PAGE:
Income Tax Assessment Act 1997

CHAPTER 3 - SPECIALIST LIABILITY RULES  

PART 3-1 - CAPITAL GAINS AND LOSSES: GENERAL TOPICS  

Division 104 - CGT events  

Subdivision 104-K - Other CGT events  

SECTION 104-225   Special collectable losses: CGT event K5  

104-225(1)  
CGT event K5 happens if the requirements in subsections (2), (3) and (4) are satisfied.

104-225(2)  


There is a fall in the *market value of a *collectable of a company or trust.

104-225(3)  
*CGT event A1, C2 or E8 happens to:


(a) *shares you own in the company (or in a company that is a member of the same *wholly-owned group); or


(b) an interest you have in the trust;

and there is no roll-over for that CGT event.

104-225(4)  
As a result of the *capital proceeds from that event being replaced under section 116-80 :


(a) you make a *capital gain that you would not otherwise have made; or


(b) you do not make the *capital loss you would otherwise have made; or


(c) you make a capital loss that is less than you would otherwise have made.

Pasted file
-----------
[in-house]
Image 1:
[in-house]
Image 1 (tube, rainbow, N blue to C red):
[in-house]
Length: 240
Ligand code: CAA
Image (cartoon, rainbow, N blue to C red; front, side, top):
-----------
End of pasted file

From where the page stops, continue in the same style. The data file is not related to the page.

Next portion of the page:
Note:

The capital proceeds from that event are replaced with the market value of the shares or the interest in the trust as if the fall in the market value of collectables and personal use assets had not occurred: see section 116-80 .

104-225(5)  
The time of CGT event K5 is the time of *CGT event A1, C2 or E8.

104-225(6)  


You make a capital loss from a *collectable equal to:
  • the *market value of the *shares or the interest in the trust (worked out as at the time of *CGT event A1, C2 or E8 as if the fall in market value of the collectable had not occurred);
  • less:

  • the actual *capital proceeds from CGT event A1, C2 or E8.
     
    Example:

    You own 50% of the shares in a company. You bought them in 1999 for $60,000. The company owns a painting worth $100,000 and another asset worth $20,000. The painting falls in value to $50,000.

    In 1999 you sell your shares for $35,000 (the actual capital proceeds). You would otherwise make a capital loss of $25,000.

    However, the actual capital proceeds are replaced with $60,000 (the market value of the shares if the painting had not fallen in value). You do not make a capital loss from selling the shares.

    You do make a collectable loss equal to:


    $60,000   -   $35,000   =   $25,000

  • Note:

    You can subtract capital losses from collectables only from your capital gains from collectables: see section 108-10 .


     

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